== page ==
Keywords: Sovereign Debt Crisis; Economic Adjustment Programmes; Conditionality; Austerity Measures; Social Sovereignty; Fundamental Social Rights.
With this article the two authors maintain that the judgment of the Portuguese Constitutional
Court, delivered on April, 5th 2013, marks a very important step in the dialogue between EU Member
States' national authorities and European and international institutions concerning the protection
of fundamental social rights in the context of the sovereign debt crisis. Although the judgment
does not jeopardize the functioning of the EU and international law instruments constituting the
Economic Adjustment Program negotiated by Portugal with the "trojka" - the European Commission,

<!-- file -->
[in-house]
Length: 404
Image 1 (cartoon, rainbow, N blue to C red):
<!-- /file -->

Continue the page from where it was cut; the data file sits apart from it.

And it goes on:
the European Central Bank and the International Monetary Fund -, it sets some crucial limits
to the way social rights protected by the Portuguese Constitution can be touched and establishes
the framework within which the balance between measures adopted to ensure economic adjustment
and core constitutional principles has to be struck. Thus, even if the judgment cannot be considered
as a Copernican Revolution, it constitutes an essential paradigm for the understanding of
the emerging role of Constitutional Courts in the protection of social sovereignty from obligations
assumed under international (primarily) and EU (secondarily) law.